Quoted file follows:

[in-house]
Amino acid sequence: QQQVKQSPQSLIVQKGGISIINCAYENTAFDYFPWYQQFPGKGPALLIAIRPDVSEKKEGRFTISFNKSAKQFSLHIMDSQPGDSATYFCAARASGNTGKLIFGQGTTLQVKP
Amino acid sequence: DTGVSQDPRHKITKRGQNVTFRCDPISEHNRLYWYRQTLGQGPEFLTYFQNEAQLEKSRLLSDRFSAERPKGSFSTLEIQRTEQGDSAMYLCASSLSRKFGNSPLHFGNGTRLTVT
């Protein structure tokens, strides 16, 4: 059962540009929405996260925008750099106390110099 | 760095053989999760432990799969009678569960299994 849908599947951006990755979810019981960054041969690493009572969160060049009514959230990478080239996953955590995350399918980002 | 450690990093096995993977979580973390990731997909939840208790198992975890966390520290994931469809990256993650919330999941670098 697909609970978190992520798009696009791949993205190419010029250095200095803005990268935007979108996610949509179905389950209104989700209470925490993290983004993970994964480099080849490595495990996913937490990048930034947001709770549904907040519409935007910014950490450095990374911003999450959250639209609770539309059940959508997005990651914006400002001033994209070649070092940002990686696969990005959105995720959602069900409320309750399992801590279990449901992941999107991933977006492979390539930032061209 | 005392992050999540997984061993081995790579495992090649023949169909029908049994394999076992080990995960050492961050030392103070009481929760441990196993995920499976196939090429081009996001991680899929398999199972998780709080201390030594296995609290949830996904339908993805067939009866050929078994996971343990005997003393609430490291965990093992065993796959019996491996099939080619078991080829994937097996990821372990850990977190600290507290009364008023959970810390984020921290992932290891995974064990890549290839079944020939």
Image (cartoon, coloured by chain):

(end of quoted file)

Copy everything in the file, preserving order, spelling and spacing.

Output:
[in-house]
Amino acid sequence: QQQVKQSPQSLIVQKGGISIINCAYENTAFDYFPWYQQFPGKGPALLIAIRPDVSEKKEGRFTISFNKSAKQFSLHIMDSQPGDSATYFCAARASGNTGKLIFGQGTTLQVKP
Amino acid sequence: DTGVSQDPRHKITKRGQNVTFRCDPISEHNRLYWYRQTLGQGPEFLTYFQNEAQLEKSRLLSDRFSAERPKGSFSTLEIQRTEQGDSAMYLCASSLSRKFGNSPLHFGNGTRLTVT
């Protein structure tokens, strides 16, 4: 059962540009929405996260925008750099106390110099 | 760095053989999760432990799969009678569960299994 849908599947951006990755979810019981960054041969690493009572969160060049009514959230990478080239996953955590995350399918980002 | 450690990093096995993977979580973390990731997909939840208790198992975890966390520290994931469809990256993650919330999941670098 697909609970978190992520798009696009791949993205190419010029250095200095803005990268935007979108996610949509179905389950209104989700209470925490993290983004993970994964480099080849490595495990996913937490990048930034947001709770549904907040519409935007910014950490450095990374911003999450959250639209609770539309059940959508997005990651914006400002001033994209070649070092940002990686696969990005959105995720959602069900409320309750399992801590279990449901992941999107991933977006492979390539930032061209 | 005392992050999540997984061993081995790579495992090649023949169909029908049994394999076992080990995960050492961050030392103070009481929760441990196993995920499976196939090429081009996001991680899929398999199972998780709080201390030594296995609290949830996904339908993805067939009866050929078994996971343990005997003393609430490291965990093992065993796959019996491996099939080619078991080829994937097996990821372990850990977190600290507290009364008023959970810390984020921290992932290891995974064990890549290839079944020939």
Image (cartoon, coloured by chain):